Not wanting to draw attention to not drinking only made it worse. I didn’t want to talk about it with my best friend who I’ve been drinking with for a dozen years, longer than we’ve known our husbands. How could I put a dent in us or ruin our fun foursome. “I think I’m getting another migraine, so I’d better not.”

She made a sad face, “Poor honey.”

I felt left out. Would one little sip really matter? One little glass? Now I can’t get that yummy smell of honey-something out of my head.

Day Twelve: Sanctimonious and Absurd

A Friday. A dozen days of detox. On the twelfth day of sobriety my true love gave to me . . . a night with the kids while he goes out drinking with his golf buddies. I’m glad he is off having a good time with his friends. He rarely does, and it gives me a little peace after the kids go to bed. I can read. I can write. I can sleep.

I can have my twelfth glass of water.

I was telling my husband this morning before he went to work that I cannot in good faith call myself an alcoholic. “I’m just taking a break so I can sleep better and drop a couple pounds.” I said this partly because he does not see me as an alcoholic. He can’t. I won’t let him; if he does, then I will be a different person to him. I will be defined by it. So much of our past will be different. It will be seen through the eyes of a person who did something wrong all those years, because each memory has a drink attached to it. All of those beautiful memories that we have together will be associated with a flaw, or worse, a disease. Isn’t that what it’s called?

In the master bath he straightened his tie and pecked me on the cheek, “Definitely. It’s good to take breaks. And you have been sleeping better.” He smiled, “Less snoring.” Then he patted my ass on the way out. It only jiggled a little, so I ignored the giant scale poking out from under some dirty laundry spilled out from the basket.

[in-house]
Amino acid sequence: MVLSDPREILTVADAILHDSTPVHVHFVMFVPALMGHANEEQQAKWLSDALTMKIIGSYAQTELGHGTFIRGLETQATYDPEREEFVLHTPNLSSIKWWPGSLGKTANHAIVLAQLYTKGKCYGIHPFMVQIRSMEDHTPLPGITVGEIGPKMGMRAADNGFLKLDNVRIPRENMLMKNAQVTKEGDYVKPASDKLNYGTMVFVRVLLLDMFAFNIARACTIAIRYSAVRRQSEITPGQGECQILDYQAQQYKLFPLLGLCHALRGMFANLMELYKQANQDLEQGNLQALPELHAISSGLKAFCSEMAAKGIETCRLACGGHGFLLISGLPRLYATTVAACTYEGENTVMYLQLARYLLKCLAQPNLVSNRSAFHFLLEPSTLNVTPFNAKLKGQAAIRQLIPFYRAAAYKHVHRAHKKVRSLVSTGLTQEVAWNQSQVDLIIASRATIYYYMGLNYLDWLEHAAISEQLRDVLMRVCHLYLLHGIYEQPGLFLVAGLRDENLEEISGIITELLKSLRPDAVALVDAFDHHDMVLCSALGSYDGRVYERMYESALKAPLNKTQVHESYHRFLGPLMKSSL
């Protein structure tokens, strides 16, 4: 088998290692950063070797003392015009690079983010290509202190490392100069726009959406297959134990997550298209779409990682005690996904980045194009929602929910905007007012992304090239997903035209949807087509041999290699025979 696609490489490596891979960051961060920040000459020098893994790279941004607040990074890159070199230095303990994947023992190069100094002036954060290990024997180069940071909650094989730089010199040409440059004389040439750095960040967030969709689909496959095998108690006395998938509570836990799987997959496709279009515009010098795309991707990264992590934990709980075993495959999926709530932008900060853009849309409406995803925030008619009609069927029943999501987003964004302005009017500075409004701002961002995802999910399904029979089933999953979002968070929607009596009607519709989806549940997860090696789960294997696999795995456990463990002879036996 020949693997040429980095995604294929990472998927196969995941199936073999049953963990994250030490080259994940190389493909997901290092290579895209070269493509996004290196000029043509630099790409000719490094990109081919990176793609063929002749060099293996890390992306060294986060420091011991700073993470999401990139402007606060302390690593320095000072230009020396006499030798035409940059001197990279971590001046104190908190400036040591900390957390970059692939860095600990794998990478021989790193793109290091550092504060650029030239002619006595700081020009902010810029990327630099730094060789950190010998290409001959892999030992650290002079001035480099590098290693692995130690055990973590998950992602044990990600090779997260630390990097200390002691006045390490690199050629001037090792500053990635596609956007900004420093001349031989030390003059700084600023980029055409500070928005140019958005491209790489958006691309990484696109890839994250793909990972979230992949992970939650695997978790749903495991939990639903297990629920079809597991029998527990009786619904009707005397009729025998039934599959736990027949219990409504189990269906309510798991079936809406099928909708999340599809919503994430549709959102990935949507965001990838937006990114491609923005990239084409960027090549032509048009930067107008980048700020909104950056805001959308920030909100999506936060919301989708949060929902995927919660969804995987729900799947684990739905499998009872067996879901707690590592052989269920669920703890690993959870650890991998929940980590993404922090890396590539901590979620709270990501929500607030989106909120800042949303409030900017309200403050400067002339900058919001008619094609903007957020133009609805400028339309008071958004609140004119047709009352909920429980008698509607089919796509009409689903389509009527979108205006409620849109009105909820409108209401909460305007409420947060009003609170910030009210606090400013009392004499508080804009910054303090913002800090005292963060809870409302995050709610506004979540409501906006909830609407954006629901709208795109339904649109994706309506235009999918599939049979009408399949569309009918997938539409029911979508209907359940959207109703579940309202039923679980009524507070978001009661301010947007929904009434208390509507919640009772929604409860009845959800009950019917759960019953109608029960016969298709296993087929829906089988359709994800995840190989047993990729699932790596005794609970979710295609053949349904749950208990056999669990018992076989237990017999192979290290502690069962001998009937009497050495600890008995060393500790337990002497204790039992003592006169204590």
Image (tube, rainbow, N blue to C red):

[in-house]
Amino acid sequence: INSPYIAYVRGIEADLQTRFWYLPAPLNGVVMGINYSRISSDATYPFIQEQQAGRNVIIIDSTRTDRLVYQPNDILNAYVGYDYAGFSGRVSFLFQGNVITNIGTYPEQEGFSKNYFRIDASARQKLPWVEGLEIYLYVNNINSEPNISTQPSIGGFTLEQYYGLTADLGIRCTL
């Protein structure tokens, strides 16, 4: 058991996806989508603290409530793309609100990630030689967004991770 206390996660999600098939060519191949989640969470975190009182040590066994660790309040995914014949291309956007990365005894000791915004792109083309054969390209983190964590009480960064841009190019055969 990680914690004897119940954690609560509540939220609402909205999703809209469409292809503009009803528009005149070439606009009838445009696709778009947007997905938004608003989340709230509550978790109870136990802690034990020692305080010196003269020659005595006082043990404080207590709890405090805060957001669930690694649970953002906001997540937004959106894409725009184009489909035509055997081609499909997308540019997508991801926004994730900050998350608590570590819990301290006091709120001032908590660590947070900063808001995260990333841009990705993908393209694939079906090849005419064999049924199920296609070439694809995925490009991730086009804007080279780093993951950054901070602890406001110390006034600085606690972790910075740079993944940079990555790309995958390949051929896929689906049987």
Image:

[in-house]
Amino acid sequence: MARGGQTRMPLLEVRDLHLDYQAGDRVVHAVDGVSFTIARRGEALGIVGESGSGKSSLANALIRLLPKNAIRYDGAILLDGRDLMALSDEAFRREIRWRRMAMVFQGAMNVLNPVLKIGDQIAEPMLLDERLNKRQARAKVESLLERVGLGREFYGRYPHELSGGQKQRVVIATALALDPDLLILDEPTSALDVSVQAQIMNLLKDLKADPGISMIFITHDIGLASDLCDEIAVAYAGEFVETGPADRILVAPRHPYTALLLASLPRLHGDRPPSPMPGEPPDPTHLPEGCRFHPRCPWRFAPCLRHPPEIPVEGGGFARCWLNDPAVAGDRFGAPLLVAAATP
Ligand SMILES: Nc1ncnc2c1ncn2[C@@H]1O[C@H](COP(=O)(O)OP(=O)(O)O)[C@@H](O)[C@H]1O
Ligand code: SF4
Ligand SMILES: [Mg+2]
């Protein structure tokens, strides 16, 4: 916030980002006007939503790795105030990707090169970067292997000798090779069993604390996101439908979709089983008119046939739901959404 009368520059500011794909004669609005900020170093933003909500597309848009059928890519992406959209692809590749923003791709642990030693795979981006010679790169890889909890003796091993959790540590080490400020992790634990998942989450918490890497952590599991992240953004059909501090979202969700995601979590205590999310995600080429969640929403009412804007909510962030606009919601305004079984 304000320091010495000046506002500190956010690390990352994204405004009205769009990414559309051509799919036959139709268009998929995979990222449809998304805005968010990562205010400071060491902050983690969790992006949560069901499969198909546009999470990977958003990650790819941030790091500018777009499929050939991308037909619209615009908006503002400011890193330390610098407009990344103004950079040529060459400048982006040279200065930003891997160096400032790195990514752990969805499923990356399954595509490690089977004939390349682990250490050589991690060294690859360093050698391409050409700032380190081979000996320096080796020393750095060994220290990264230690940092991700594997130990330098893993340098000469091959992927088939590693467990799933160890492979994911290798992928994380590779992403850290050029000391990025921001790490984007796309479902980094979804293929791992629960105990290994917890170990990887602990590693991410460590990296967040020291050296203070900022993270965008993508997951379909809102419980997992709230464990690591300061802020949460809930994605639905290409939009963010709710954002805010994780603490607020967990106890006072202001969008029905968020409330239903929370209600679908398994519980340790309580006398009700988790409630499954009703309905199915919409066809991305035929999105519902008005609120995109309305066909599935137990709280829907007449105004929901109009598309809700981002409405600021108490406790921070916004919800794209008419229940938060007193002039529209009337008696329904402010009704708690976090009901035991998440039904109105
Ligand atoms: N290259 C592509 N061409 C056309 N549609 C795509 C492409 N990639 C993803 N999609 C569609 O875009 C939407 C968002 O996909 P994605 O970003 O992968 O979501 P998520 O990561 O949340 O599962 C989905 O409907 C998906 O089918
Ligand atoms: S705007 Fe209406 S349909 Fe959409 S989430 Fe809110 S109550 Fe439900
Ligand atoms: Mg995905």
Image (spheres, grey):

I don’t want to be a person with a disease.

Since I am in charge of whether or not I claim to be an alcoholic (just answer “no” to all the leading questions on the AA brochure), I choose not to be. Therefore, I do not have a disease.

Telling my husband that I am not an alcoholic saves him from considering whether he is one too. He drinks more than I did. But we can both stop at any time. I did. I stopped twelve days ago. I tell myself it is easy to stop. I do it all the time. I say I am not an alcoholic because the words “I don’t drink” don’t sit well on my tongue. It isn’t natural. I can always go back knowing that I can always stop. I can stop knowing that I can always go back.

I can always stop if I need a good night’s sleep or unblemished speech or full faculties or stress-free driving. I can always stop. But we have a large collection of wines in our cellar and in our rented locker on Pontius Way off Sepulveda. Excuse number one: wine is an investment. Excuse number two: wine collecting is prestigious. Excuse number three: it tastes good. What can I do? Let my husband drink it all?

No way.

I can start any time because I can stop any time. It’s not like fried foods. We force ourselves to develop a taste for fat. Stop eating all fried foods for two weeks. It’s hard to do. I know because I did it. The cravings are unbearable, the way your eyes will light up when a plate of fries walks by your table at a restaurant, the smell wafting into your nose. Your mouth will salivate like Pavlov’s dog. But once you rid your system of fried foods, I promise you the next time you reach for that chicken nugget it will taste disgusting. You will have to train your body all over again to enjoy that nasty, greasy, artery-clogging fat.

Wine isn’t like that. Once you train your palate to appreciate a perfect, 100-point wine it will stay with you for life. It’s true that you will have ruined yourself for the cheap wines. You cannot go back to Trader Joe’s two-buck chuck because it will taste so bad that it will cause a gag reflex.

When I sip from a glass of 1986 Châtaeu Lafite Rothschild, it feels like a slice of heaven has descended onto my tongue and elevated my spirit to a place unknown to humankind. That will never go away, like a good childhood memory that leaves a lasting impression. And I dream about it. I relive it.

Day 13: Saturday